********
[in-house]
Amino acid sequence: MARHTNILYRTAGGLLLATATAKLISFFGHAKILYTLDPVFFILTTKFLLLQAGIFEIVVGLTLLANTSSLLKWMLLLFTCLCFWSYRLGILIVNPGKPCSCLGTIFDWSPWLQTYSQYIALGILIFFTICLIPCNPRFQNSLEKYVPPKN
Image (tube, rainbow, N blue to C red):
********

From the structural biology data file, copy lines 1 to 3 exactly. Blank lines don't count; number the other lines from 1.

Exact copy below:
[in-house]
Amino acid sequence: MARHTNILYRTAGGLLLATATAKLISFFGHAKILYTLDPVFFILTTKFLLLQAGIFEIVVGLTLLANTSSLLKWMLLLFTCLCFWSYRLGILIVNPGKPCSCLGTIFDWSPWLQTYSQYIALGILIFFTICLIPCNPRFQNSLEKYVPPKN
Image (tube, rainbow, N blue to C red):